Firstly, although FAT32 supports file systems up to 2TB in size, the format utilities within Windows support a maximum partition size of 32GB; however by formatting the drive using another operating system or third-party tools, this limit can be overcome and Windows is able to read or write larger volumes. Secondly, and more significantly, FAT32 only supports files up to 4GB in size. That doesn’t sound like an issue until you start copying .ISO DVD images and digital video files around. Pretty soon it became apparent that FAT32 was not the answer.

The solution was using a software product called Mediafour MacDrive, which I found from the Wikipedia article on HFS+ and which has turned out to be really useful. Ironically, I didn’t need to use a licensed version to transfer my data from a PC to the Mac, as Mediafour make a trial version available for download which is valid for 5 days after installation. Having used that as my demonstration of how useful this software is, I decided to buy a copy (proving that users will buy genuinely good software, even if they can get by for free) – at $49.95 it’s reasonably priced (especially with the current dollar exchange rate and as Mediafour offered me a 24% discount if I purchased within 24 hours of requesting the trial version) and when I finally get around to dual-booting Windows on my Mac it will be invaluable. Sadly, the current version of MacDrive doesn’t work on Windows Vista, so I will need to upgrade one day in the future, but for now it’s a great way to share files between Windows and Mac OS X.

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Unable to edit group membership for a Windows XP user

Earlier this evening, I was creating a local user on a Windows XP computer using Local Users and Groups from the Computer Management MMC snap-in (compmgmt.msc). Strangely, clicking on the Member Of tab produced the following error:

Local Users and Groups

The following error occurred while attempting to read the properties for the user accountname:

The Server service is not started.

I’ve seen this before and this time I thought I should did a little deeper. Running net start server from a command prompt returns:

The service name is invalid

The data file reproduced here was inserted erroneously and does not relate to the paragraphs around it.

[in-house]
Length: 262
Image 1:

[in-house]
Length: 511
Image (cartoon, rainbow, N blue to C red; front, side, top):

I quickly found a workaround – instead of editing the user properties to make them a member of a group, edit the group properties to add the user as a member. Quite why it works this way around but not the other is a mystery to me!

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Running childrens’ games using IIS on Windows XP

My son is fascinated with computers. It could be because every time he sees his Daddy I’m using one… or it could be just a sign of the times. Either way, we’re fast approaching the age when I need to set the little fella up with some IT of his own (he’s no longer interested in the old keyboard I gave him last year as he’s worked out that it doesn’t do anything on a screen).

Miffy Plays with NumbersMiffy's World of Colour and Shapes

On a recent trip to PC World, I spotted some educational games for just £4.99 each, so “Miffy Plays with Numbers” and “Miffy’s World of Colour and Shapes” joined my software collection. This weekend, I found some time to rebuild an old laptop and install the games in readiness for use (they are marked as suitable for ages 2 to 5, although I think 2 might be pushing things a little). It shouldn’t really be a case of installing (the games in question appear to be a bunch of Shockwave files which run directly from the CD) but anyone with young children will know that optical media and toddlers don’t go very well together and so I’d like to run the applications from the hard disk.

Working out which files to copy wasn’t too difficult (in any case, copying the entire CD contents would be fine), but Internet Explorer wasn’t happy with the use of active content (requiring Information Bar interaction) and I couldn’t add a local file URL to the trusted sites list.

The answer was quite simple – Windows XP includes Internet Information Services (IIS), so I set the PC up as a web server and served the content from there. After installing the necessary IIS components (just select the world wide web service and the other necessary components will be selected automatically), I copied the game files to a new folder inside wwwroot. The next step was to create a new virtual directory (e.g. miffy-numbers) on the default web site and to follow the wizard, pointing it at my local copy of the files and accepting the defaults. Finally, I allowed access to the virtual directory (properties, directory security, edit anonymous access and authentication control) using integrated Windows authentication and added index2.htm to the list of documents (properties, documents), avoiding the need to accept the license agreement every time the program is run.

Now I can run the programs from http://localhost/virtualdirectory/ (e.g. http://localhost/miffy-numbers/) and have set up a couple of shortcuts on the desktop for my small person to launch them. The only downside is the recent Microsoft update that requires a control to be clicked to be activated before it will run (that is all down to a Windows XP update to circumvent a dodgy patent ruling against Microsoft and should be possible to resolve by removing the update that relates to Microsoft knowledge base article 912945).